Greece: Cradle of (Greek) Civilization
  • Homer: IliadOdyssey
  • Hesiod: Theogony, Works and Days 
  • Sappho, Pindar
  • Aeschylus: Promotheus Bound, The Oresteia
  • Sophocles: Oedipus Rex / Oedipus at Colonus / Antigone
  • Euripides: Medea
  • Aristophanes: Lysistrata, The Clouds, The Frogs, The Birds
Rome: When the World Was Ruled by Italians 
  • Catallus, Propertius, Tibullus
  • Virgil: The Eclogues, The Georgics, The Aeneid
  • Ovid: The Metamorphoses, The Art of Love
  • Horace: Epodes and Satires, Odes
  • St. Augustine of Hippo: Confessions
The Middle Ages and Points Between
  • Beowulf
  • The Song of Roland
  • Chrétien de Troyes: Lancelot, le chevalier de la Charrette (Knight of the Cart)
  • Thomas Mallory: Le Morte d’Arthur
  • Peter Abélard and Héloïse d’Argenteuil: The History of My Misfortunes, Letters
  • Romance de la Rose (Romance of the Rose)
  • Geoffrey Chaucer: Troilus and Criseyde, The Canterbury Tales
  • Sir Gawain and the Green Knight
  • Dante Alighieri: La Vita Nuova, Inferno, Purgatorio, Paradiso
The Renaissance: Back to the Future
  • Francesco Petrarca (Petrarch): Il Canzonierre
  • Giovanni Boccaccio: The Decameron
  • Benvenuto Cellini: Autobiography
  • François Villon: poems
  • François Rabelais: Gargantua and Pantagruel
  • Michel de Montaigne: essays
  • Miguel de Cervantes Saavedra: Don Quixote
  • Christopher Marlowe: The Jew of Malta, Doctor Faustus, Edward II
  • Edmund Spenser: The Faerie Queene
  • William Shakespeare: see below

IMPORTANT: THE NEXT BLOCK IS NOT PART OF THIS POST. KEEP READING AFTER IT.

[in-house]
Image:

• Ben Jonson: Volpone, The Alchemist
William "Look At Me, I Get My Own Chapter" Shakespeare
  • The Tragedies: Hamlet, Prince of Denmark, King Lear, Macbeth, Othello, Julius Caesar, Romeo and Juliet, Cymbeline, Coriolanus
  • The Histories: Richard II, King Henry IV (Part One, Part Two), Henry V, Richard III
  • The Comedies: A Midsummer Night’s Dream, Much Ado About Nothing, The Taming of the Shew, The Merchant of Venice, The Tempest, The Comedy of Errors, The Merry Wives of Windsor, Love’s Labour’s Lost, Twelfth Night, As You Like It
  • sonnets
Here Come the Puritans: Parade, Meet Rain
  • Cavaliers: Robert Herrick, Richard Lovelace, John Suckling, Thomas Carew
  • Metaphysics: John Donne, George Herbert, Henry Vaughn, Abraham Cowley, Richard Crawshaw, Andrew Marvell
  • John Bunyan: Grace Abounding, Pilgrim’s Progress
  • John Milton: Paradise Lost, poems

you’re fucking welcome

Anonyme asked:
"What do you think of Tolstoy, Pushkin, and James Joyce? Also what books do you recommend? (for a fan of Hugo, especially)"